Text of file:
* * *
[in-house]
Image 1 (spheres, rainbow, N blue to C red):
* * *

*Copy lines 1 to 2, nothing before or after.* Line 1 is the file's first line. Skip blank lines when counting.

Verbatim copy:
[in-house]
Image 1 (spheres, rainbow, N blue to C red):